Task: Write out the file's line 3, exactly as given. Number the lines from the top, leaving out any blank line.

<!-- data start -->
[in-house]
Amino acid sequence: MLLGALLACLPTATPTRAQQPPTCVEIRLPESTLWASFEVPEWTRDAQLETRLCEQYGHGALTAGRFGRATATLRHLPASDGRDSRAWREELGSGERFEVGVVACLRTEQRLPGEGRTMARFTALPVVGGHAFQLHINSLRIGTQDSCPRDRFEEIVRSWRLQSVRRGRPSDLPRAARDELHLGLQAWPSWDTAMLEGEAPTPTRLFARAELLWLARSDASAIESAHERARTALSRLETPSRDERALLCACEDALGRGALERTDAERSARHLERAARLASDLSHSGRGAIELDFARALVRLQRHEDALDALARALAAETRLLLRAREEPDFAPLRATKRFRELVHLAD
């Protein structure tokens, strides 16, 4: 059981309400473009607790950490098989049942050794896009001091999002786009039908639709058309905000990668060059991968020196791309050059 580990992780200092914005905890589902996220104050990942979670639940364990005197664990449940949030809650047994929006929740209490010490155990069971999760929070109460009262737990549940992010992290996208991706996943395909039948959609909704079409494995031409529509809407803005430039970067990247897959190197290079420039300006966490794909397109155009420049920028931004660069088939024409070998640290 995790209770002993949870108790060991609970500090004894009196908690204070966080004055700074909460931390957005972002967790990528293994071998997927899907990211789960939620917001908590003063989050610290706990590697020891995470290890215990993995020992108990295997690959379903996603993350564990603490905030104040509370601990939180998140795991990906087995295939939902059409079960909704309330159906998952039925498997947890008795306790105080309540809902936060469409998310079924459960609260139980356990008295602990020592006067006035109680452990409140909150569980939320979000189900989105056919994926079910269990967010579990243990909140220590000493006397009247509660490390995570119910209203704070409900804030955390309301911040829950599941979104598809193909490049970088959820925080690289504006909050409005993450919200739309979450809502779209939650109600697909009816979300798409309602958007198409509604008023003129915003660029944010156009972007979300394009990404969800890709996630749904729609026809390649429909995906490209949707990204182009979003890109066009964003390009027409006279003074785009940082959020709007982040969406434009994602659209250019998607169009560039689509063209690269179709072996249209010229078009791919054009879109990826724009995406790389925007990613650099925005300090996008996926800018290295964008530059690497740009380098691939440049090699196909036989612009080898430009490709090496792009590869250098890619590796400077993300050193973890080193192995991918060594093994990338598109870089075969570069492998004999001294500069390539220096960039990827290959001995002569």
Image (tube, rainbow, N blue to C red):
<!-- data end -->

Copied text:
């Protein structure tokens, strides 16, 4: 059981309400473009607790950490098989049942050794896009001091999002786009039908639709058309905000990668060059991968020196791309050059 580990992780200092914005905890589902996220104050990942979670639940364990005197664990449940949030809650047994929006929740209490010490155990069971999760929070109460009262737990549940992010992290996208991706996943395909039948959609909704079409494995031409529509809407803005430039970067990247897959190197290079420039300006966490794909397109155009420049920028931004660069088939024409070998640290 995790209770002993949870108790060991609970500090004894009196908690204070966080004055700074909460931390957005972002967790990528293994071998997927899907990211789960939620917001908590003063989050610290706990590697020891995470290890215990993995020992108990295997690959379903996603993350564990603490905030104040509370601990939180998140795991990906087995295939939902059409079960909704309330159906998952039925498997947890008795306790105080309540809902936060469409998310079924459960609260139980356990008295602990020592006067006035109680452990409140909150569980939320979000189900989105056919994926079910269990967010579990243990909140220590000493006397009247509660490390995570119910209203704070409900804030955390309301911040829950599941979104598809193909490049970088959820925080690289504006909050409005993450919200739309979450809502779209939650109600697909009816979300798409309602958007198409509604008023003129915003660029944010156009972007979300394009990404969800890709996630749904729609026809390649429909995906490209949707990204182009979003890109066009964003390009027409006279003074785009940082959020709007982040969406434009994602659209250019998607169009560039689509063209690269179709072996249209010229078009791919054009879109990826724009995406790389925007990613650099925005300090996008996926800018290295964008530059690497740009380098691939440049090699196909036989612009080898430009490709090496792009590869250098890619590796400077993300050193973890080193192995991918060594093994990338598109870089075969570069492998004999001294500069390539220096960039990827290959001995002569």